Danner’s lecture was entitled “Escaping the State of Exception: Torture and Truth, Obama and Us,” and he reminded his listeners that America had endured many previous “states of exception:”
* “The most famous:” when Lincoln suspended habeas corpus and took other measures solely on his own authority in the months after his inauguration in 1861;
* John Adams’ imprisonment of hundreds of political opponents in 1798 and 1799 in the run up to an expected war with revolutionary France;
* Woodrow Wilson’s imprisonment and deportation of thousands who spoke out against the country’s entry into World War I;
* Franklin Roosevelt’s decision to imprison 110,000 Japanese-Americans afer Pearl Harbor – the great majority of them American citizens.
So, Danner concluded, “we have been here before.” But while each of these previous “exceptions” occurred within the confines of a well-defined event, like the Civil War or World War II–and thus ended along with those conflicts–elements of the current state of exception could last as long as the endless war on terror.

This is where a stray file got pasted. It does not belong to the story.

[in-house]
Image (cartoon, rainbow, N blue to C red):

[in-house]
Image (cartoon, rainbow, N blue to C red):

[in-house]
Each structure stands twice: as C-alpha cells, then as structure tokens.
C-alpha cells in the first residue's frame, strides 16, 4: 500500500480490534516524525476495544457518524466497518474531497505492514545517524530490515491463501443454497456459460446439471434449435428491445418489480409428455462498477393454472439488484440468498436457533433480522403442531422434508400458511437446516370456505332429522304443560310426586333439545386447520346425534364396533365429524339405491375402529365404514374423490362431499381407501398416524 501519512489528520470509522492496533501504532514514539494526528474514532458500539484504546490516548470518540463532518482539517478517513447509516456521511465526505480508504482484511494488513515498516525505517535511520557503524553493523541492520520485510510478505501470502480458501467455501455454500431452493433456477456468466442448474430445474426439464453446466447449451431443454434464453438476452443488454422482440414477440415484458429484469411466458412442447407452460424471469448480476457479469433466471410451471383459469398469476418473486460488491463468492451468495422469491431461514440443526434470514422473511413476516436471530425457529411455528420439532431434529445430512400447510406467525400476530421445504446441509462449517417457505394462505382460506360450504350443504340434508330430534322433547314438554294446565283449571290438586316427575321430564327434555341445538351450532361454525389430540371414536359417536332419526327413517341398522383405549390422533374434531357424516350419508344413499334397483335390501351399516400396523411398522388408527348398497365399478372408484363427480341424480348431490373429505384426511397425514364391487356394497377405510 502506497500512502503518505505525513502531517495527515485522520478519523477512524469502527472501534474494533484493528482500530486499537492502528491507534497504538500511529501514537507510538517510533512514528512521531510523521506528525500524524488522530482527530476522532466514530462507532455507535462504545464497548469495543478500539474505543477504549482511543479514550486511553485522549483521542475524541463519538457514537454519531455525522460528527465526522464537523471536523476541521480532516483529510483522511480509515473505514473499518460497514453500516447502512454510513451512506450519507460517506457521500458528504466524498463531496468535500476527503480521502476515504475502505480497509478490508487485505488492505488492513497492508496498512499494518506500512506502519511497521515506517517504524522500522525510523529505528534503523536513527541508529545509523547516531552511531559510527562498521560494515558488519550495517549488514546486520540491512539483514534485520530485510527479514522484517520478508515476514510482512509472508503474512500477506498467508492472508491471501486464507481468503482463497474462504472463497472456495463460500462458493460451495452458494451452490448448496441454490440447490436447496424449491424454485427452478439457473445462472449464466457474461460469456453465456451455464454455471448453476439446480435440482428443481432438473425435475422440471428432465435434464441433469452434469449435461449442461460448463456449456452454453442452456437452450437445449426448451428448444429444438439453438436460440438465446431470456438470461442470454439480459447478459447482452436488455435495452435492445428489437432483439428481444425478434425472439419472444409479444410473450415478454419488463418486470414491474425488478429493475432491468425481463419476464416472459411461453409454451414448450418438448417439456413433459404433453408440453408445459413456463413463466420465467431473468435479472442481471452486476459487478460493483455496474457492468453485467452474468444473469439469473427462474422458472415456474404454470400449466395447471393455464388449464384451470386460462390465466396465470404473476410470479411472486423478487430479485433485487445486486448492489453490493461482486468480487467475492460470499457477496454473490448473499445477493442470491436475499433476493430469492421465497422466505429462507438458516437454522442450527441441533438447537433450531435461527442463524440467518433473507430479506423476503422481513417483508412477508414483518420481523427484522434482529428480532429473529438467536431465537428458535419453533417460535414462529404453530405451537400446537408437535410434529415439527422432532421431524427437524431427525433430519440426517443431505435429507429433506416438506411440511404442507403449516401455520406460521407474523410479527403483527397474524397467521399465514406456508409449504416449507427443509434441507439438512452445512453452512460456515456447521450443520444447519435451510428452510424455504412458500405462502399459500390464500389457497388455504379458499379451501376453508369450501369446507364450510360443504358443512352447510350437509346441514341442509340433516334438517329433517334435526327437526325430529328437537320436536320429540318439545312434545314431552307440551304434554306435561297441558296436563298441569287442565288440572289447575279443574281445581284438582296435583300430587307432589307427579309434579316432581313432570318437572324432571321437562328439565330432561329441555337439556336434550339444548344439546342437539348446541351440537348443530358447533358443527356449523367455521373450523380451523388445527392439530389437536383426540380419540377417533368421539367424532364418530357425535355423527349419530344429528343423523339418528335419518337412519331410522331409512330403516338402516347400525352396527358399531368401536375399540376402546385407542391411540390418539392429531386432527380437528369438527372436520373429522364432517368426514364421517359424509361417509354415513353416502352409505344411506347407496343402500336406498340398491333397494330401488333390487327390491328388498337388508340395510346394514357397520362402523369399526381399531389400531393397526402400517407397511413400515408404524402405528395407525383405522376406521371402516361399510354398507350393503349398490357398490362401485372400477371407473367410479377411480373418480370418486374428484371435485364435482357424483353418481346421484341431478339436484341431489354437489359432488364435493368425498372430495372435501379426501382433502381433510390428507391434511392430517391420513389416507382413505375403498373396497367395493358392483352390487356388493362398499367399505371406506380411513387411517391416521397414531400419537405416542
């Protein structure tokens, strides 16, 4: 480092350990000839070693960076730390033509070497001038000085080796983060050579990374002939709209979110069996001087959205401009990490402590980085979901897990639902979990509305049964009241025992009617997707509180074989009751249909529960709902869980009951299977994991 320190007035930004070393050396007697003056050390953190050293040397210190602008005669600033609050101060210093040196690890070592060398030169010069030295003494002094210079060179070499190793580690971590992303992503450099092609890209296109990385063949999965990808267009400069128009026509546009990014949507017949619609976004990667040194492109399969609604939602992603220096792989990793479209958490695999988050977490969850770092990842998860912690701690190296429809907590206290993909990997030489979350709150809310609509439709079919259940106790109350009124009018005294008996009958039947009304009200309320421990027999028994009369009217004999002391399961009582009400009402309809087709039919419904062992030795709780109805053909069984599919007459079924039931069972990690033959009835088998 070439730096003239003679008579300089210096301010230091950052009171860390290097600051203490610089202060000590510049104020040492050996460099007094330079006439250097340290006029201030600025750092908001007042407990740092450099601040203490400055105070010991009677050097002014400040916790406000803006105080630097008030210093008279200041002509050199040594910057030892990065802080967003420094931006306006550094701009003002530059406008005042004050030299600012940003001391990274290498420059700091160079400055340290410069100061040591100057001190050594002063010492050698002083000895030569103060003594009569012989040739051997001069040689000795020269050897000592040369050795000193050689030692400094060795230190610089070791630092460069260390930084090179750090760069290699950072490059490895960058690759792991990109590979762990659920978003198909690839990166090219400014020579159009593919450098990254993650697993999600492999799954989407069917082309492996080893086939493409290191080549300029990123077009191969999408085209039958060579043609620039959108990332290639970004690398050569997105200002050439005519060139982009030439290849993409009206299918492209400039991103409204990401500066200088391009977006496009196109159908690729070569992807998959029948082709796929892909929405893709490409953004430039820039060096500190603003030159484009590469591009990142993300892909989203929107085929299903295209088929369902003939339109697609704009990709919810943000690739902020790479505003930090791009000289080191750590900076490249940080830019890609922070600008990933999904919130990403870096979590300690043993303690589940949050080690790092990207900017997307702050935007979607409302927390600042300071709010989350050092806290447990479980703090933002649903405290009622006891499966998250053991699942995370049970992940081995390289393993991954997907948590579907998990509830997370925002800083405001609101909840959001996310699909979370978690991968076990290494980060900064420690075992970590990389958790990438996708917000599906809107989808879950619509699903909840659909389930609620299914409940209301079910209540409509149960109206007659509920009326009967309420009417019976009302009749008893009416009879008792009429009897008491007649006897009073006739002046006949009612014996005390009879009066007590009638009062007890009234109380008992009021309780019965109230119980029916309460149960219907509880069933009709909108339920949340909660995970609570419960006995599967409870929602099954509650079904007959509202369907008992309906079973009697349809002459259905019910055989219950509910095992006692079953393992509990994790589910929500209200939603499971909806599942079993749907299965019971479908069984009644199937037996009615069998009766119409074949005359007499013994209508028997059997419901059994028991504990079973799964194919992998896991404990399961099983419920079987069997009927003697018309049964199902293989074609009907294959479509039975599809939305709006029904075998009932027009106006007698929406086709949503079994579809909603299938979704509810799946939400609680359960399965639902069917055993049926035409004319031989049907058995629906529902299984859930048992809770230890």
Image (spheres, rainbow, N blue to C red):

“So far,” Danner declared, “those elements have included wholesale arrest and long-term detention of aliens on American soil; massive wiretapping of Americans without benefit of a warrant, as prescribed by law; ‘extraordinary rendition’—secret kidnapping–of large numbers of foreign citizens on foreign soil and their transfer to other countries for interrogation or to secret American facilities; establishment of offshore prisons, the most notorious of which the one at Guantanamo Bay, Cuba, for the long-term detention without trial of hundreds and, taken as a whole, thousands of prisoners; establishment of secret prisons–so-called “black sites”–for covert and prolonged detention of prisoners; and finally the development of ‘enhanced interrogation techniques,’ so-called EITs, making use of suffocation, battery, close confinement and other measures and their widespread use on detainees held in secret prisons.”